By Courtenay Barnett

Dear beloved we are gathered once more at the altar of the Almighty truth.

Today’s sermon is entitled ‘Lessons from my mother’. It concerns the building of character and the importance of personality development as each of us mature and advance through life. The list is not intended to be exhaustive but hopefully is instructive. These were the lessons I learned from my mother ( long since deceased but still lovingly recalled):-

  1. One should tell the truth and not lie.
  2. There should be room for compassion, in one’s thoughts and deeds.
  3. There should be understanding on several levels. One such is for an understanding of our human differences as to our different human features; the tolerance of different cultures and religions. In short we should not be ‘racists’.
  4. By extension of cultural and religious tolerance we should not be xenophobic.
  5. We should show humanitarian decency and not mock others less fortunate than ourselves in life and show understanding about poverty, need and uninvited suffering which either our fellow human beings are born into or which at some uninvited point in life befalls them.
  6. In our professional work and/or business life we should be honest.
  7. Our language should be modest, tempered and balanced and restrained to give consideration to and for the person(s) we are addressing and the situation(s) in which we speak.
  8. In our success, if we are so fortunate, we should be humble and modest, and should not be braggadocios.
  9. In our failures we should be willing to accept our shortfalls and/or failings giving rise to same and be instructed by our mistakes. We should always accept personal responsibility when it is our action to be blamed and not seek to transfer blame to the blameless other(s).
  10. One should have a sense of humour and be able to laugh at one’s self when stupid mistakes are made.

These are ten injunctions to help guide one through life by application ofsound, sensible thoughts and proper and appropriate actions. Those who are Christian know of the Ten Commandments. But, these are ten injunctions learnt from my mother via her words as well as her conduct and consequential examples taught to me throughout her life, which are intended both for the ‘churched’ and the ‘unchurched’ alike; in other words, I believe that my mother’s lessons can usefully be applied byallof humanity.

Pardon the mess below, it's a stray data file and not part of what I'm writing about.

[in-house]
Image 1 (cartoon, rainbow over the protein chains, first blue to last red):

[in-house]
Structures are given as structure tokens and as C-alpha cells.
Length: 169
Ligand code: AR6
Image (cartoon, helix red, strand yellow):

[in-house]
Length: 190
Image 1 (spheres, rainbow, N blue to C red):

And, then I thought, whether there is one human being dead or alive who represents the epitome and opposite of my mother’s lessons.

I reflected from my early childhood through to school and higher education and business and professional life. So far no such person.

Then, I thought about friends and associates in Africa, Asia, South America  and Europe. No such person.

Then I reflected on Canada and there was still no such person who came to mind.

I went as far as historical figures and contemporary leaders and I began getting a bit closer.

Finally, I reflected on the United States of America and there I found the perfect match. The thought then sprang to mind, that if I could ask but one question, it would be this:-

” Please Mrs. Trump, when you  were raising your son, Donald, could you kindly  share with us – what lessons did you actually teach him?”

So endeth my sermon for today.



* COURTENAY BARNETT is a graduate of London University. His areas of study were economics, political science and international law. He has been a practising lawyer for over thirty years, has been arrested for defending his views, has been  subjected to death threats, and has argued public interest and human rights cases. He lives and works in the Caribbean.